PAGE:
Does Jason Bateman’s Career Need an Intervention?


We’d like to say we started to wonder whether Jason Bateman might be making questionable career choices the moment a CGI-rendered baby orifice projectile pooped in his mouth. But we’d be lying. We’ve been wondering for a while. It’s just hard to accept that with wee brained comedies like Horrible Bosses, Couples Retreat, The Change-Up and The Switch, the charming Arrested Development actor we love may be well on his way to becoming the next Kristen Bell, Gerard Butler, or pre-2011 Matthew McCounaghey — actors who we really want to like, but perpetually test our affections with the awful movies they make. We stick around because we hope some day we’ll see their talent matched by worthy material again, but we all have our limits. If reviews of Bateman’s most recent film Identity Theft are any indication, breaking points could be drawing nearer.

To be clear, Bateman’s recent output hasn’t been all bad. He’s not at the stage where he has to cry over a sloth to remind us why he’s great. He’s made a handful of films we’d give our loose seal of approval to — Juno, State of Play, and Up in the Air. But those all feature him in smaller, more dramatic roles, and they represent the kind of quality films that he only peppers throughout his filmography. Unfortunately, those kinds of roles don’t pay nearly as well as insipid comedies like Identity Thief.

Which is why we can’t really blame Bateman for taking on the projects he has. Because, yeah, like the guy with the million dollar movie offers is going to turn them down (come on). If we put aside our criticisms of his choices for a second and talk numbers, he is finding financial success with some of his movies. Juno, Hancock, Couples Retreat and Horrible Bosses all made more than $100 million at the box office. Interestingly, when he’s not part of an ensemble, the films don’t perform as well; The Change-Up, The Switch, Extract, and The Ex all made under $30 million, but from a general bread-making standpoint, he’s doing fine. The problem is that an actor isn’t remembered for how much money they made; they’re remembered for the movies they made. Considering how forgettable and/or bad Bateman’s movies have been of late, he’s sabotaging the part of his career that really matters.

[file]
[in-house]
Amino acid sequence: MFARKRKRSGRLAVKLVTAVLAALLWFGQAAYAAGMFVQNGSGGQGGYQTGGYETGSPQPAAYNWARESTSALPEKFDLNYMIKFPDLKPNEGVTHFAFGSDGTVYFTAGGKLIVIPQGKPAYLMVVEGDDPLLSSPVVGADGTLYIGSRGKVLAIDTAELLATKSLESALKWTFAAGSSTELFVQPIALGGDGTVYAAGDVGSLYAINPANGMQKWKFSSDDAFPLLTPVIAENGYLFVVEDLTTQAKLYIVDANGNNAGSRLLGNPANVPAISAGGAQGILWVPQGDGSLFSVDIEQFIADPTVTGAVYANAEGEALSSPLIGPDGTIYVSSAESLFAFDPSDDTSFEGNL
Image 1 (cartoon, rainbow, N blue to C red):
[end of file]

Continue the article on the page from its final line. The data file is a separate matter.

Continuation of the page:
Maybe this wouldn’t be an issue if we didn’t know how good he can be. This isn’t Adam Sandler we’re talking about here. We certainly don’t expect Arrested Development over and over again. We know that was a once in a lifetime deal. (Well, twice in a lifetime, once it returns on Netflix.) It’s just that we feel Bateman deserves better than constantly playing bastardized, watered-down versions of Michael Bluth in movies that think a baby sticking its hand in a blender is comedy gold. Once upon a time he could make wield great material to make us laugh with just a heavy pause and a blank expression. Returning to his breakout character will be a nice reminder of that (hopefully), but that’s all it will be: a reminder. It won’t change or affect his movie career. It’s simply an interlude between what he’s been doing all along because it’s becoming frustratingly clear that he’s just going to keep making bad movie choices.

Exhibit A: His latest announced project. Described as being in the vein of Horrible Bosses (not reassuring), it’s a movie about a group of couples who like to get together for game nights. One night things turn lethal, and a comedic murder mystery is afoot, like the spiritual sequel to Couples Retreat mashed up with Clue. Even from the vague plot description we can tell that it’s bound to be bad… but we’ll probably still feel compelled to see it on the odd chance that it’s actually good.

Which is maybe why we shouldn’t be asking if Bateman’s career needs saving. Maybe we need to be asking whether we need saving from his career. Because at this point – let’s be honest – he has become a cornballer. What’s worse, he is definitely aware that he’s making bad choices. And as long as we keep going back for more, we’re only enabling him to keep doing it.